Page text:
Even the deceased pop star, Michael Jackson had a batch of moldy marijuana that was found by investigators after he died. According to the LA Times, police investigating Michael Jackson’s death had mistaken moldy marijuana for “tar heroin” following the pop stars death.
“Rotting marijuana that Michael Jackson’s family members mistook for heroin briefly caused detectives to look for further evidence of the illegal drug in the pop star’s rented residence during the frenzied 48 hours after his death, according to sources close to the investigation.
Family members told coroner’s officials that they found “tar heroin” in the Holmby Hills home’s master bedroom. Only Jackson and his children had access to the room, according to court records unsealed Thursday. The discovery prompted authorities to obtain a search warrant for Jackson’s house for heroin, hypodermic needles, cutting agents, scales, balloons, condoms, razor blades, buyer lists, and seller lists, among other items, documents show.
But within days, police had ruled out heroin as a factor in the singer’s death, sources close to the investigation said. Lab tests showed that the purported heroin was actually moldy marijuana, sources said.”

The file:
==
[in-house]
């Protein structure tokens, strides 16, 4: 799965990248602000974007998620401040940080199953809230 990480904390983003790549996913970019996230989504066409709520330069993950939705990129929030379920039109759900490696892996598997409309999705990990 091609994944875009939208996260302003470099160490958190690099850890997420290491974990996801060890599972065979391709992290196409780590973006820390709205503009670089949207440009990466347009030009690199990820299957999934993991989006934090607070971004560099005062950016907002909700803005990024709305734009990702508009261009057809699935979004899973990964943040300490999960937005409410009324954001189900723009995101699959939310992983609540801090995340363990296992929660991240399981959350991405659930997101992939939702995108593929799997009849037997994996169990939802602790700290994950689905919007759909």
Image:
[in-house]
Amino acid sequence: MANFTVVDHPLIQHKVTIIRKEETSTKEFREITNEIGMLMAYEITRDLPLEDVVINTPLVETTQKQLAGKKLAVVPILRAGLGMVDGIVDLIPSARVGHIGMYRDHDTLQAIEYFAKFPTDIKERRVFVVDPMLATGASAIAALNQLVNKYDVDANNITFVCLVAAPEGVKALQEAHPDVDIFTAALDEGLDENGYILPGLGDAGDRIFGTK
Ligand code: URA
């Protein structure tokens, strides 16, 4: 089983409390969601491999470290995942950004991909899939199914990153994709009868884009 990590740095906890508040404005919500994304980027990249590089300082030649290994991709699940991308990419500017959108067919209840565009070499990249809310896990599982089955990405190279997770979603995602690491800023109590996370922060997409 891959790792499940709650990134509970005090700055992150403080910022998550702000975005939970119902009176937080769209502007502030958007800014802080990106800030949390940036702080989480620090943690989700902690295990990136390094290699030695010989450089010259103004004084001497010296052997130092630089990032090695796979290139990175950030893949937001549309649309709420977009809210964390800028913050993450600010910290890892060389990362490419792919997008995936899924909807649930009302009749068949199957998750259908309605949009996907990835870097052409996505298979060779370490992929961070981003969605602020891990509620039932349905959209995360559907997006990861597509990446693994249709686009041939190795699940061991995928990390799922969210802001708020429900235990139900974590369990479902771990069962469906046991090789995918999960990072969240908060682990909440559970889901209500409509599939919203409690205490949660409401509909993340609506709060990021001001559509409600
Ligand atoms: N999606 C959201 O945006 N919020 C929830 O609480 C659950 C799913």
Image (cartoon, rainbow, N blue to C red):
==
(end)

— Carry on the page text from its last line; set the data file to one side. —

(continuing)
“It’s pretty startling just how dirty a lot of this stuff is,” LaFrate says. His team commonly found fungi and bacteria in the marijuana products they tested. But for now it’s unclear just how much marijuana growers need to clean up their product. “Like ourselves, this plant is living with bacteria that are essential to its survival. In terms of microbial contamination, it’s kind of hard to say what’s harmful and what’s not.”
He adds, “You’ll see a marijuana bud that looks beautiful. And then we run it through a biological assay, and we see that it’s covered in fungi. So the questions become: What’s a safe threshold, and which contaminants do we need to be concerned about?”
A 2013 study titled, “Potential exposures associated with indoor marijuana growing operations,” found elevated fungal spore levels on the marijuana they tested.
“A total of 407 fungal spore samples were taken using both slit impactor plates and 400-hole impactors. Both methods identified elevated fungal spore levels, especially during the removal of plants from some of the IMGOs. After plant removal, spore counts increased to levels above 50,000 spores/m(3) with one sample over 500,000 spores/m.
In addition, we found that there was a shift in species between indoor and outdoor samples with Cladosporium sp. the predominant outdoor species and Penicillium sp. the predominant indoor species. We concluded that the potential increase in fungal spore concentrations associated with the investigation and especially removal of the marijuana plants could potentially expose responders to levels of exposure consistent with those associated with mold remediation processes and that respiratory protection is advisable.” (1)